Iain Duncan Smith insists Universal Credit sign-off due ‘very shortly’

Iain Duncan Smith has insisted that HM Treasury is due to sign off the full business case for Universal Credit ‘very shortly’ despite it being five months since it was submitted.

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Iain Duncan Smith has insisted that HM Treasury is due to sign off the full business case for Universal Credit ‘very shortly’ despite it being five months since it was submitted.

In a debate in the House of Commons yesterday, the work and pensions minister explained: “The final stage in Treasury approvals is sign-off of the full business case, which covers the full lifetime of the programme.”

He added: “I genuinely believe, from my discussions, that it will be signed off very shortly.”

However opposition MPs rubbished the claim.

Labour MP Nicholas Brown said: “The answer to a similar question two months ago was “very shortly”, but it is taking rather longer than the secretary of state intended.”

Chris Bryant MP said that the programme “is being kept on a life-support system, and all he [Duncan Smith] can say is that the Treasury has guaranteed another 247 days of funding, with nothing beyond the end of this parliament.”

During a select committee hearing in July, then civil service head Sir Bob Kerslake admitted that Universal Credit, which aims to merge six benefits into one payment, is being drip-fed funding by HM Treasury as it receives updates and assurances on progress.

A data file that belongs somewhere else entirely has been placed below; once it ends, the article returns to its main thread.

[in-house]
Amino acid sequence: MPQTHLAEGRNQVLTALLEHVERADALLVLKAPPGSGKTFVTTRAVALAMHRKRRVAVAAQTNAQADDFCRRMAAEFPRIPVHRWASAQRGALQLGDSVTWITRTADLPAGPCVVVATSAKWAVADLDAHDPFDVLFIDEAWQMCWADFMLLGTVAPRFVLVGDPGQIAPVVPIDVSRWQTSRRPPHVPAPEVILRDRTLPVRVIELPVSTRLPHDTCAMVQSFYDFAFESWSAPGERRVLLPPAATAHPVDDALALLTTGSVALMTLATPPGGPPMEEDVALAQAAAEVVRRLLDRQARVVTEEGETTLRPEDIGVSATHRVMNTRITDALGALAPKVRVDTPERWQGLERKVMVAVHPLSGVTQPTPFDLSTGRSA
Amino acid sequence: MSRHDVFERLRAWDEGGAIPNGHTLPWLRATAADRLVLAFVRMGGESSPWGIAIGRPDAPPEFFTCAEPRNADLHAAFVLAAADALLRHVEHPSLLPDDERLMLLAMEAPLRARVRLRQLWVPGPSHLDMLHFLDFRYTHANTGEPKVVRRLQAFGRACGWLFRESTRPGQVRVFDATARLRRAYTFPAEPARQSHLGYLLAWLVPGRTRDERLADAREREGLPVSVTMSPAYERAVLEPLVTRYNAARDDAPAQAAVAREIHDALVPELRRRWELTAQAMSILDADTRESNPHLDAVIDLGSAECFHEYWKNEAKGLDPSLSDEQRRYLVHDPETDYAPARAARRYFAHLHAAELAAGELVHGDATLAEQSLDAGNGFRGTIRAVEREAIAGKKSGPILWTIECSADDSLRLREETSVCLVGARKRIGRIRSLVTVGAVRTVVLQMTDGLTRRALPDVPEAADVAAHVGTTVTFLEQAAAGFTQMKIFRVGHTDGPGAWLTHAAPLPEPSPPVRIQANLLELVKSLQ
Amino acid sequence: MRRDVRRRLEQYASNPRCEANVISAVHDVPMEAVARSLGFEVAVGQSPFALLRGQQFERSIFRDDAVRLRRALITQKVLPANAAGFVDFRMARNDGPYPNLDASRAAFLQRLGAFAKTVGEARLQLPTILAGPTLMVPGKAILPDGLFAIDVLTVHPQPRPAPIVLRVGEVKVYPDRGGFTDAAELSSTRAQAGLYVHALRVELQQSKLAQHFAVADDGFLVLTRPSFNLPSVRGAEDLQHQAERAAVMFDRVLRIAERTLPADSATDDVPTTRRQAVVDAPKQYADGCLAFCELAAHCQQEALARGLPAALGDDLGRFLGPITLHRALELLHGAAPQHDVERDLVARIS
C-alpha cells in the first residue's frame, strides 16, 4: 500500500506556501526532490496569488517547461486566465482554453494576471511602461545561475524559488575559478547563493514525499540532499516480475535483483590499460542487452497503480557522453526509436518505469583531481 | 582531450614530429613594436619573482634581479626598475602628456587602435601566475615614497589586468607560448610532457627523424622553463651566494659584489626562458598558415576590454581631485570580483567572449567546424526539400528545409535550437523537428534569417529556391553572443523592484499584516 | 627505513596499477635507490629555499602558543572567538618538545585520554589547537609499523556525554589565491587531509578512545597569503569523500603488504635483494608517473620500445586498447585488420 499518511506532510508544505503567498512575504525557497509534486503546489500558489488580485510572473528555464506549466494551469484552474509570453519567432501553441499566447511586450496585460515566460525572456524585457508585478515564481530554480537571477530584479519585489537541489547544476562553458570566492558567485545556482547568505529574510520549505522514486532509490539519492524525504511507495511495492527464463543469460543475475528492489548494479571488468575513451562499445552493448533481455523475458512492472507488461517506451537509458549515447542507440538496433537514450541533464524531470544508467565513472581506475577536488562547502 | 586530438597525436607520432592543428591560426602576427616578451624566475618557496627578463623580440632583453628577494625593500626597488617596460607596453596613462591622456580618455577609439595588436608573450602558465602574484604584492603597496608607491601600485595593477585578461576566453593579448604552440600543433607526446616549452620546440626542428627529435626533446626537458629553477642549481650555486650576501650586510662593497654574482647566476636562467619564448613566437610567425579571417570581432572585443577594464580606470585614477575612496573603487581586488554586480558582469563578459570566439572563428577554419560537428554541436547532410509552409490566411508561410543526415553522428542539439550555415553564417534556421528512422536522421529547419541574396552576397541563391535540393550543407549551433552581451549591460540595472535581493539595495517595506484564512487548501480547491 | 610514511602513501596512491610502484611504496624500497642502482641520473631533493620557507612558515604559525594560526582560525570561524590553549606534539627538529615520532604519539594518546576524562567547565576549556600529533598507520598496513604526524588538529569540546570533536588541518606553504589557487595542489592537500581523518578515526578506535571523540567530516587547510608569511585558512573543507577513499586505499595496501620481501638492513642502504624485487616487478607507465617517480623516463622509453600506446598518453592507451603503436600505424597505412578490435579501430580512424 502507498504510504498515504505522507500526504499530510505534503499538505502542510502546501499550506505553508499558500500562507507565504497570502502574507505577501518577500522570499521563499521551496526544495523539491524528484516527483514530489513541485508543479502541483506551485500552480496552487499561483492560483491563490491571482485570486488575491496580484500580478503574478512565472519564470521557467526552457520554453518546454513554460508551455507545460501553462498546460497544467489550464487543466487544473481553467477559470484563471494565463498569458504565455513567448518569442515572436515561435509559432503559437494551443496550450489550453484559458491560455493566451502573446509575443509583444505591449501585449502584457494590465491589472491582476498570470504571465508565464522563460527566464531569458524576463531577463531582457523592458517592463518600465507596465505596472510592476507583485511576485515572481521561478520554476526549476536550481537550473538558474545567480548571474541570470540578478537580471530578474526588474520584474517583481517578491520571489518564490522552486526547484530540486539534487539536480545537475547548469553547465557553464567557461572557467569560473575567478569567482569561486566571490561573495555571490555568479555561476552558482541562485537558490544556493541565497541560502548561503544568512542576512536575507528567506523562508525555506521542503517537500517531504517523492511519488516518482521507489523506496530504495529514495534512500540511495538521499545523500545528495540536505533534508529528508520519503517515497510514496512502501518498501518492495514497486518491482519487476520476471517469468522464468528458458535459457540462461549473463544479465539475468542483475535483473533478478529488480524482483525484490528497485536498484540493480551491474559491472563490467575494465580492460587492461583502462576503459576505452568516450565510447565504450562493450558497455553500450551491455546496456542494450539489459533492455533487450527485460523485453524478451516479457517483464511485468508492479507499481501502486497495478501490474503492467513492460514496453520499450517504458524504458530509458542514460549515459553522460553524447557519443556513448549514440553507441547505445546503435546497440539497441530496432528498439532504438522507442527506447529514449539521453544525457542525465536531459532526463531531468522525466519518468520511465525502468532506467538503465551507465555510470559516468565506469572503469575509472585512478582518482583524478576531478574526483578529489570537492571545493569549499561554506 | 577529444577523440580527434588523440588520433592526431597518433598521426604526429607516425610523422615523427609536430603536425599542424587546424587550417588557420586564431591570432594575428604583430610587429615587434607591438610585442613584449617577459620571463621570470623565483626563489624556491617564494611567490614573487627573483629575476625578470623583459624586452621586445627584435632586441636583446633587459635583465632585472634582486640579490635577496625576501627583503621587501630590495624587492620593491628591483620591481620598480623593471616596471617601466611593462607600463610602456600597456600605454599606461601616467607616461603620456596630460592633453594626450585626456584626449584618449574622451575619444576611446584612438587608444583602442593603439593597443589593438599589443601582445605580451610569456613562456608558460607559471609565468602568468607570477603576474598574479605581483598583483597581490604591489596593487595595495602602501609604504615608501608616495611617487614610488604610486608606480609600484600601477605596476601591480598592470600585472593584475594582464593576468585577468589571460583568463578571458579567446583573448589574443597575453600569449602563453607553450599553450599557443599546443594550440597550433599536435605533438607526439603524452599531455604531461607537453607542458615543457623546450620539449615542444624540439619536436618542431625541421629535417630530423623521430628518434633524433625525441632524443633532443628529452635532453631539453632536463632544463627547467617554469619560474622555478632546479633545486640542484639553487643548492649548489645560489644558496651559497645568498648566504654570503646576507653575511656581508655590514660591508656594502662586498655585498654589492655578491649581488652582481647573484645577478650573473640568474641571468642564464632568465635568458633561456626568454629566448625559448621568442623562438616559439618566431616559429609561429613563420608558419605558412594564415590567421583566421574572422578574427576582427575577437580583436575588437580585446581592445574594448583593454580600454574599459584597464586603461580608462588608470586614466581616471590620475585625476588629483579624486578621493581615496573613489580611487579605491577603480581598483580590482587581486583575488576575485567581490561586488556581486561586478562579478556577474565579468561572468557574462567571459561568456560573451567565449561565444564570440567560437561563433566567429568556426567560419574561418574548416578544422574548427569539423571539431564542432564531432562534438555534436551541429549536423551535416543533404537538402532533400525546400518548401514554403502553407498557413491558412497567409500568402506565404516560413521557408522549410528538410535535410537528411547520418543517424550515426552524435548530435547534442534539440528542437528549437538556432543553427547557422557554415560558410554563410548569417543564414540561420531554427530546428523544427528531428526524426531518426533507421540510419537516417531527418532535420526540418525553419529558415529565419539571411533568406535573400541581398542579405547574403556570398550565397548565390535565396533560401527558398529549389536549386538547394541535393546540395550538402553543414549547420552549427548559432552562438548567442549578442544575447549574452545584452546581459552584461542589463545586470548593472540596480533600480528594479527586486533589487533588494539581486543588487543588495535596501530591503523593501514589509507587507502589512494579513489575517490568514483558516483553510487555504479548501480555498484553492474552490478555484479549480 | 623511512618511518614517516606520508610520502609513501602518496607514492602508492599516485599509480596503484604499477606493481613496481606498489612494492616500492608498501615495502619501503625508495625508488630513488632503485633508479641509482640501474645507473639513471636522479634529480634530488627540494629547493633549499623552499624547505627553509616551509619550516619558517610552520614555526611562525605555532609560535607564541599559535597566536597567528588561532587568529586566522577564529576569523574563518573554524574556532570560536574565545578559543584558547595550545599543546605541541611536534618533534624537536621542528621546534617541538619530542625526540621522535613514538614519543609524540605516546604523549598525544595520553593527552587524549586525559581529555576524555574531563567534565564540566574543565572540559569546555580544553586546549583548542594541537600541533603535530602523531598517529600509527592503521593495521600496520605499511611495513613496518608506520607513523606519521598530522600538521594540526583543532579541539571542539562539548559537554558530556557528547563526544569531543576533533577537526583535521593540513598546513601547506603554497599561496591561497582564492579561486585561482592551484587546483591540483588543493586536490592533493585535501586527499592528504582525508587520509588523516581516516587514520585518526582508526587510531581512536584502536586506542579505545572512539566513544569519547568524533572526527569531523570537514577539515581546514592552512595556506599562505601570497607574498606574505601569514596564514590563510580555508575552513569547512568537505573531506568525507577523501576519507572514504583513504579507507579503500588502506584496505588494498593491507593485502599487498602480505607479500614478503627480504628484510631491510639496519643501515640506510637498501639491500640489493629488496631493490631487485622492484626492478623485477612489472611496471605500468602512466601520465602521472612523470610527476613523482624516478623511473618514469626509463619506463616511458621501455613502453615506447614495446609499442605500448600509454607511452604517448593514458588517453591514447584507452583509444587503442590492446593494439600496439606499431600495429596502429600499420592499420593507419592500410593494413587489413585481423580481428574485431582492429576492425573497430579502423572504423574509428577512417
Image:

During a Public Accounts Committee (PAC) session he admitted: “We shouldn't beat about the bush. It hasn't been signed off. What we've had is a set of conditional reassurances about progress and the Treasury have released money accordingly.”

A week later it emerged that Kerslake is due to step down from the civil service this autumn.  

Figures published by the Department for Work & Pensions (DWP) last month showed that the number of people claiming Universal Credit has dropped to the slowest rate since July last year, with just 540 individuals starting to claim the benefit in May.

According to shadow work and pensions minister Rachel Reeves, at the current rate of progress it will take over 1,000 years for the welfare programme to be rolled out across the country.

The National Audit Office is currently conducting a follow-up study into Universal Credit, due to be published in the late autumn.

It released a damning report into the early progress of the project last September, which revealed losses of at least £34 million, weak management and poor implementation.

The DWP has said that the rollout of Universal Credit across jobcentres in the north west will be complete “by the end of this year”, bringing the total number of centres where it is available to 90.

It is currently available in 39 of about 750 jobcentres across the UK.

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